From: Philippe Verdy (firstname.lastname@example.org)
Date: Mon May 07 2007 - 04:14:06 CDT
> Frank Ellermann wrote :
> > Rick McGowan wrote:
> > > A plum is a very difficult fruit with which to draw.
> > "Plume" is the French word for "quill" - I wasn't sure
> > what Philippe is getting at. Nothing about "hot type"
> > with "plumb" if my dictionary got it right.
You're right, I initially meant "quill" or "feather" in English (i.e.
"plume" in French), sorry for the confusion.
Peter Constable wrote:
> Well, in the days of hot type, both type and plumbing were done with
Other tools used where carved pieces of very solid wood, from trees (like
chestnuts, walnuts...) or from some very resistant shrubs or flowers with
persistant feet (like brambles, mulberry-trees, roses) : easy to build
yourself, virtual no cost as it is easy to find.
With these tools, it is difficult to write in every direction, the lines
drawn were mostly straight with a predominant direction, and it is nearly
impossible to draw a sharp angle cleanly without breaking the head or
spreading ink everywhere.
Such drawing tools are still used by artists because of their texture.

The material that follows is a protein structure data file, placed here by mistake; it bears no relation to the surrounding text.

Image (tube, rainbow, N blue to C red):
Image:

I hope you don't mean the "lead" metal in English ("plomb" in French) which
was used for printing types. The tool used by house builders and architects
or joiners (cabinet makers) to draw a vertical line on a wall or align the
construction of a piece of furniture, or to run a mechanical clock, or
placed below a naval ship to stabilize it on water, is a "plumb" (probably
same origin as "plomb" in French, because it was the metal used in the heavy
weight hung on a string to draw a vertical line.)
(The term "plomb" is used to designate many things in French, built with
lead metal only because of its weight and the ease to work with it in small
pieces, including for firearms pellets and bullets, fishing...)
Today, modern quills built in various metallic alloys are much more
versatile and resistant than the famous "Sergent Major" quill which was so
difficult to masterize by generations of French children (up to the 1960's).
Cheap "Bic" ballpoint pens were finally accepted in primary schools, to
avoid ink bottles on desktops, except for artistic courses on calligraphy.
But using a quill, with internal disposable reservoirs, was still mandatory
in many French highs schools for exams and home works up to the early
1980's. Unlike in USA, crayons are not accepted here, except for arts and
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